Magazine article Diverse Issues in Higher Education

Meeting Them Where They Are: Using Technology to Engage Students

Magazine article Diverse Issues in Higher Education

Meeting Them Where They Are: Using Technology to Engage Students

Article excerpt

While earning a college degree is always challenging, it can be more difficult for some students than for others. Data from the U.S. Department of Education shows that only 20 to 40 percent of students who enroll in a degree program achieve their degrees within a year or two of the program's intended length.

Fortunately, a support hierarchy method of student engagement allows institutions to reach each student through channels and methods designed to have the greatest impact.

With the right methodologies, technology and analytics, it is possible to mass-personalize support in a cost-effective manner.

Matching support to need

Using a support hierarchy approach makes it possible to give every student the specific support and resources he or she needs to succeed while making the most effective use of valuable support staff time.

The idea is simple: Focus support resources where they can do the most good by allocating combinations of high-touch, higher-cost interventions and lower-cost, low-touch interventions.

The process is premised on continuously categorizing students into one of four groups based on both their current need for intensive support and likelihood of engaging with it:

* Low Risk/Low Impactability: low need and a low probability of engagement

* Low Risk/High Impactability: low need and a high probability of engagement

* High Risk/Low Impactability: high need and a low probability of engagement

* High Risk/High Impactability: high need and a high probability of engagement

Personalizing student support

The next step is to define the appropriate mix of six basic types of interventions, ranging from least to most resource-intensive, for each category of student:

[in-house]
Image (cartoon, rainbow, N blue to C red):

1. Automated Nudges

Nudges are messages sent through email, text/SMS, and/or mobile apps (depending on individual student preferences) to large groups of students at predefined intervals to remind them about deadlines, opportunities, productive habits, and resources.

2. Self-Service Support Content

Self-directed resources--like short instructional or informational videos, interactive checklists, document templates, or essential forms--provide students with guidance on key topics and help them develop needed skills. Building this content into web and mobile apps makes it easy for students to access information anytime, anywhere.

3. Transactional Coaching

This type of support is directive, focusing on addressing simple issues. Advisers, coaches or other student support professionals often simply layer a slightly personalized message on top of a piece of content, such as a FAFSA checklist, and give students the option of reaching out for additional information and guidance via text, mobile app or email. …

Search by... Author
Show... All Results Primary Sources Peer-reviewed

Oops!

An unknown error has occurred. Please click the button below to reload the page. If the problem persists, please try again in a little while.